Business-to-business publisher WTWH Media has bought The Robot Report for an undisclosed sum.
TheRobotReport.com was founded in 2008 by Frank Tobe, and is one of the leading websites in this growing sector of publishing.
The website covers robotics in a variety of business segments, including transportation, agriculture, manufacturing and even outer space. It has an international perspective, covering many countries around the globe. Continue reading WTWH Media buys The Robot Report
The world’s largest industrial robot manufacturer could build a facility in space.
In a wide-ranging interview with RoboticsAndAutomationNews.com, recorded at Hannover Messe, Neil Dueweke – who was competing to be heard over a loud musical band in the background – says the company has big ambitions.
“Anywhere there’s robotics involved, Fanuc will be there,” says Dueweke. “Space robotics? Why not?”
As far-fetched as it might sound, there are many projects involving robots in space – that’s in addition to the robotic rovers which are already widely known.
MDA US Systems, a division of MDA managed by SSL, has been recognized by Nasa’s Johnson Space Center for its “outstanding support” of a robotic upgrade to the International Space Station’s power system which took place in January.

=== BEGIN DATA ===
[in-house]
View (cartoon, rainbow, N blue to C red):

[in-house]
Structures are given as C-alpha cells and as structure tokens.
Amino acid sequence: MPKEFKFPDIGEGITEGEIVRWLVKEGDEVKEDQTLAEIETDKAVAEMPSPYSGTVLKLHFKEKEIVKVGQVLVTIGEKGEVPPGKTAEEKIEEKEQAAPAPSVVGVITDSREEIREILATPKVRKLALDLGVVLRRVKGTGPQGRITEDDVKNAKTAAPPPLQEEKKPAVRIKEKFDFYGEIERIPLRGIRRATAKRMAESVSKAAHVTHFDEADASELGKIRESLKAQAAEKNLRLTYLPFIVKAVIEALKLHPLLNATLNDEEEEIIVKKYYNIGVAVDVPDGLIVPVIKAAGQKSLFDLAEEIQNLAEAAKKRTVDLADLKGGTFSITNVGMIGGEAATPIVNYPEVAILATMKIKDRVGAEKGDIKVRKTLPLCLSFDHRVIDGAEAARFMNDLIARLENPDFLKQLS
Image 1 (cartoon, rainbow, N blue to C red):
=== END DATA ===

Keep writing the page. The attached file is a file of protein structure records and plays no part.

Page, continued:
The MDA team based in Houston played a critical role in planning and validating the robotic maneuvering both before and during the mission.
Nasa JSC ground controllers used the 15-degrees-of-freedom Special Purpose Dextrous Manipulator (Dextre) arm to install six new 430-pound lithium-ion batteries in two power channel integrated electronics assembly pallets.
Graham Mackrell, managing director of precision gearing specialist Harmonic Drive UK, explains why its strain wave gears have been the top choice in space for over 40 years
Anything that goes into space is seen as the pinnacle of human creation. Astronauts are highly trained and are at the peak of physical fitness, space shuttles are crafted by large teams of expert engineers and all the technology used is so high-tech it’s as if it belongs to science fiction.
Many decades ago, the first Harmonic Drive gears were sent into space during the Apollo 15 mission. Even from the beginnings of the space race, the expectations for the technology used were high.
The equipment used in space had to be reliable, compact and lightweight and given the increasing demands on equipment in today’s space missions, it must also now be highly accurate with zero backlash and have high torque capacity.
Cronin Group, the AIM listed company with a business activity of the digitization of chemical space is pleased to note that an experiment designed by its scientific founder is to be carried out on a DIDO2 nano-satellite, successfully launched yesterday on an Indian Space Research Organisation rocket.
Prof Lee Cronin, the University of Glasgow Regius Chair of Chemistry and Founding Scientific Director of the Company, designed the experiment in partnership with SpacePharma, a company which specialises in providing scientists with access to microgravity environments.